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Ghosts of the Holocaust

Memories of World War II are driving the idea of using force to make a better world.

June 03, 2007|Ian Buruma | IAN BURUMA is the author, most recently, of "Murder in Amsterdam: The Death of Theo van Gogh and the Limits of Tolerance," which received the Los Angeles Times Book Prize. He is a professor at Bard College and a contributing editor to The Times' opinion pages.

BERNARD KOUCHNER, France's new foreign minister, has a long and distinguished record as an advocate of intervention in countries whose citizens' human rights are abused.

In 1971, he co-founded Doctors Without Borders and later explained to an interviewer that, in doing so, "we were establishing the moral right to interfere inside someone else's country." In the 1990s, he supported military intervention against the Serbs in Kosovo. Then it was Saddam Hussein's mass murder of Iraqi citizens that persuaded him to support the war in Iraq. One should always be careful about attributing motives to other people's views. But Kouchner himself has often said that the murder of his Russian-Jewish grandparents at Auschwitz inspired his belief in humanitarian interventionism.

One may or may not agree with Kouchner about intervention, but his motives are surely impeccable. And, indeed, there are many prominent intellectuals in Europe and the U.S. -- often those with a leftist past, many of them Jewish -- who, like Kouchner, are sympathetic to the idea of using American armed force to further the cause of human rights and democracy in the world. Some can be classified as neoconservatives, and others, like Kouchner, are better described as liberal interventionists, but their views often derive from the same wellspring: that the use of force is justified to avoid another Holocaust, and those who shirk their duty to support such force are no better than appeasers.

To be sure, if we were less haunted by memories of appeasing the Nazi regime in the 1930s, and the ensuing genocide, people might not be as concerned about human rights today as they are. And by no means do all those who work to protect the rights of others invoke the horrors of the Third Reich to justify Anglo-American armed intervention.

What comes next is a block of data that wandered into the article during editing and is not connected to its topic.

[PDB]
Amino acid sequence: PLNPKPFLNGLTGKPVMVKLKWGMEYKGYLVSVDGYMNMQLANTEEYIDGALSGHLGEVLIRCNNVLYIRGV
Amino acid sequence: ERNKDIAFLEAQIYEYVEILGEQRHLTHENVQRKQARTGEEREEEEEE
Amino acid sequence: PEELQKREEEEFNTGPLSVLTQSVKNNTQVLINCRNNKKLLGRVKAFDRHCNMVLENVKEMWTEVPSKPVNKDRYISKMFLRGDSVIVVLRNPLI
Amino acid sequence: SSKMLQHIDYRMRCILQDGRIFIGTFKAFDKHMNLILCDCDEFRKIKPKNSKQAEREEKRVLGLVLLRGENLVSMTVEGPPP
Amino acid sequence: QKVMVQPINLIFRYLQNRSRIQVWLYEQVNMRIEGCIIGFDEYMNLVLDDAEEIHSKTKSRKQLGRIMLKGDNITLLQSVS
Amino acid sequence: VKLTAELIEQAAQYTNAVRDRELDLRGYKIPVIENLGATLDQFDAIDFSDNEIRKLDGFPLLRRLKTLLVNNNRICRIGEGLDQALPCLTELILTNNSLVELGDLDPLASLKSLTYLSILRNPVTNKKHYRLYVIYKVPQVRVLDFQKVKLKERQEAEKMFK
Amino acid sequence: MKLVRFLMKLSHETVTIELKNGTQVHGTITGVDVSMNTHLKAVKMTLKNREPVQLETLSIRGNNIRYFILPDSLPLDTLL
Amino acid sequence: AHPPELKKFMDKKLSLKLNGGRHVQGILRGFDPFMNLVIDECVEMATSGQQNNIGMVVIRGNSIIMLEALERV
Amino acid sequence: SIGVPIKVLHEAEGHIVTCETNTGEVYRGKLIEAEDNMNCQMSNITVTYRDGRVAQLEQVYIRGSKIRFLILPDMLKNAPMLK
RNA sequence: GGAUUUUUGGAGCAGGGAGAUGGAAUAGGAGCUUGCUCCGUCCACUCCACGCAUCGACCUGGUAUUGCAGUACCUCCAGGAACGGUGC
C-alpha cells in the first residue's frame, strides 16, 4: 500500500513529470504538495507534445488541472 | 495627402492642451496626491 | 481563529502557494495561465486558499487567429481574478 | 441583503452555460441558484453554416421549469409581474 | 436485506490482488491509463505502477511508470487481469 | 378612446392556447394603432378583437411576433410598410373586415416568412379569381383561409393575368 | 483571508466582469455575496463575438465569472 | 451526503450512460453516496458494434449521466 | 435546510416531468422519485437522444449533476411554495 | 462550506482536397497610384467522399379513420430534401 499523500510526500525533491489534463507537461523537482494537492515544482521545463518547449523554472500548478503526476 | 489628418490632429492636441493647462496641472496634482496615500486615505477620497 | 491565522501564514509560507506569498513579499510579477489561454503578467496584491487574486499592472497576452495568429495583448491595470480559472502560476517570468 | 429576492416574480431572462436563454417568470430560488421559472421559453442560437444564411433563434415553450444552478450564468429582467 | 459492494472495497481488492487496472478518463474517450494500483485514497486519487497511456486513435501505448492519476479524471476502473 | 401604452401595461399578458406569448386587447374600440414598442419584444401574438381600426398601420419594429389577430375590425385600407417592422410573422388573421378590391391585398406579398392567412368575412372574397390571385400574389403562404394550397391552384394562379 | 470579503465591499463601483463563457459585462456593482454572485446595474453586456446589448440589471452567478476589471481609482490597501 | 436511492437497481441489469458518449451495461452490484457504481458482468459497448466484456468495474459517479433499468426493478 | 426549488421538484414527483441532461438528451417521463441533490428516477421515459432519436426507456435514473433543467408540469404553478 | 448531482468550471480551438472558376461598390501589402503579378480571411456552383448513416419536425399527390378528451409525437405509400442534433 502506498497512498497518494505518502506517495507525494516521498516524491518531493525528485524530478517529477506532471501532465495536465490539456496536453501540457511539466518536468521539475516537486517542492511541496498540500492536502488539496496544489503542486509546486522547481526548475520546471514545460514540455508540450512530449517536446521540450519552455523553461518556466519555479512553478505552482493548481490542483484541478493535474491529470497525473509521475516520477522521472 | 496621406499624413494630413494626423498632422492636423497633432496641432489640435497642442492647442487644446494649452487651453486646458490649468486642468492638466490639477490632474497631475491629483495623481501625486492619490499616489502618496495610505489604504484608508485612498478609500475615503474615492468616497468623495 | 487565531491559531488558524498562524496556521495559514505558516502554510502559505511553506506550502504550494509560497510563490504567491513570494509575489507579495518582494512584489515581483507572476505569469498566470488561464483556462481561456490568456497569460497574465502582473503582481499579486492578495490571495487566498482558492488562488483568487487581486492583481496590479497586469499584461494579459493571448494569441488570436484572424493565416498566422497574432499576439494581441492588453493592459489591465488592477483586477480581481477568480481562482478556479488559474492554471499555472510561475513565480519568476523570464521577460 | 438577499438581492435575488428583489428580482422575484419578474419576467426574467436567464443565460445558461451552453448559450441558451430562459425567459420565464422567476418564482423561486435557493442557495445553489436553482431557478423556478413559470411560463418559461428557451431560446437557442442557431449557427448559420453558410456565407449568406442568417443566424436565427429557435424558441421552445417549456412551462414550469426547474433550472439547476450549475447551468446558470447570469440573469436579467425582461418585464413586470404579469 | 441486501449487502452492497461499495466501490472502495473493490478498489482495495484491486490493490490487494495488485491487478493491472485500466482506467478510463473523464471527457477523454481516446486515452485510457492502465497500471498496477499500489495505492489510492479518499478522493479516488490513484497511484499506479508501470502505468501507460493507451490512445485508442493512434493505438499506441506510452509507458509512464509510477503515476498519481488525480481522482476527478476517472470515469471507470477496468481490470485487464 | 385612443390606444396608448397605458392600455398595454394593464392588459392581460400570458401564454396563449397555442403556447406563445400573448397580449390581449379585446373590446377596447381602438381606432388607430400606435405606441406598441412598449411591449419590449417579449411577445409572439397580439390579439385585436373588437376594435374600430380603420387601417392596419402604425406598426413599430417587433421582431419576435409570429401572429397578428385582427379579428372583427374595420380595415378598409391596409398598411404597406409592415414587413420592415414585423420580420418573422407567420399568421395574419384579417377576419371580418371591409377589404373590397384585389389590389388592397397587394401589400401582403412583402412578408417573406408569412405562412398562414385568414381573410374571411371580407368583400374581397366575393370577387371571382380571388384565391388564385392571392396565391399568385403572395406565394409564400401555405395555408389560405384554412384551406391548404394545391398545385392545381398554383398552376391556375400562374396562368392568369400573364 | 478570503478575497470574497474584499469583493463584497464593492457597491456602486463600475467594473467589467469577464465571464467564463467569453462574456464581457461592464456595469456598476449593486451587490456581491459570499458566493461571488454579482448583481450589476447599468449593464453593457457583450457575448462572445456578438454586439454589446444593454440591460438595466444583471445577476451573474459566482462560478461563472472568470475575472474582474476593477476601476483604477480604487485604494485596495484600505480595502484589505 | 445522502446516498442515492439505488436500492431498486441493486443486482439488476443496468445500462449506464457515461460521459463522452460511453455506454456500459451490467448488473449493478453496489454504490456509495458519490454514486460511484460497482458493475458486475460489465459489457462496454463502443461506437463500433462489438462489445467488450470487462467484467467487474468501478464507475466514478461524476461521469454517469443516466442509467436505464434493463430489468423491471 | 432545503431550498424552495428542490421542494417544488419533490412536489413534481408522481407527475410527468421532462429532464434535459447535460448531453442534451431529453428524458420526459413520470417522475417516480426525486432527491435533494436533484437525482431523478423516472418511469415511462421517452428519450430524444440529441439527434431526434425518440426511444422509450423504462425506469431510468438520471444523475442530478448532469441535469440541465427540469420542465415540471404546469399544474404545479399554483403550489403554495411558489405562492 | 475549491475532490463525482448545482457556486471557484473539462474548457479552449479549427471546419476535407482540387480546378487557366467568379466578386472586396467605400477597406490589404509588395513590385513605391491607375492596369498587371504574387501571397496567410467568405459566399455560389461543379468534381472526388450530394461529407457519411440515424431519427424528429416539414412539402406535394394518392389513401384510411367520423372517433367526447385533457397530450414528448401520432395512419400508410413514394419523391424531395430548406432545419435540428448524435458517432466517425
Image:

However, the term "Islamofascism" has not been coined for nothing. It urges us to see today's threat as a natural extension of Nazism. Hussein, who was hardly an Islamist, and Iranian President Mahmoud Ahmadinejad, who is, are often described as natural successors to Adolf Hitler.

Yet analogies with the Third Reich, although highly effective as a way to denounce people with whom one disagrees, are usually false. The reality is that there are no Islamist armies about to march into Europe, and neither Ahmadinejad nor Osama bin Laden, nasty rhetoric notwithstanding, has a fraction of Hitler's power.

And although it's true that the refusal of many Muslims to integrate into European society (as well as high levels of unemployment and ready access to revolutionary propaganda) can easily explode in acts of violence, the prospect of an "Islamized" Europe is remote. We are not living in a replay of 1938.

So why the high alarm about appeasement? Why the easy equation of Islamism with Nazism? Israel is often mentioned as a reason, as though the existential alarmism that underlies the "war on terror" was really just a narrow concern among Jews over the security of the Jewish state.

But that is not the main reason why people have embraced armed intervention. It's certainly true that Israel would feel less vulnerable if Iran could be prevented from acquiring a nuclear weapon. But Kouchner did not advocate Western intervention in Bosnia or Kosovo because of Israel. If the Holy Land played any part in Paul Wolfowitz's advocacy for war in Iraq, it was probably a minor one. Both Kouchner and Wolfowitz believed in promoting human rights and democracy.

Another intriguing question is why there is such a remarkable, sometimes even fawning, trust on the part of some of these pro-interventionist intellectuals in the U.S. government to save the world by force. But perhaps even that trust is less mysterious than it seems. Here's one thought: Many neocons, and liberal interventionists as well, emerged from a leftist past, when a belief in revolution from above was commonplace -- "people's democracies" yesterday, "liberal democracies" today.

Among pro-intervention Jews in particular (and it is of course true that not all Jews are interventionists, just as not all interventionists are Jews), another historical memory may play a part: the protection of the imperial state. Austrian and Hungarian Jews, for instance, were among the last and most fiercely loyal subjects of the Austro-Hungarian emperor because he shielded them from the violent nationalism of the majority populations. Polish and Russian Jews, at least at the beginning, were often loyal subjects of the communist state because it promised (falsely, as it turned out) to protect them against the violence of anti-Semitic nationalists.

If it were really true that the fundamental existence of our democratic Western world were about to be destroyed by an Islamist revolution, it would make sense to seek protection in the full force of the U.S. informal empire. But if one sees our current problems in less apocalyptic terms, then another kind of abdication of responsibility comes into view: the blind cheering on of a sometimes foolish military power embarked on unnecessary wars that cost more lives than they were intended to save.

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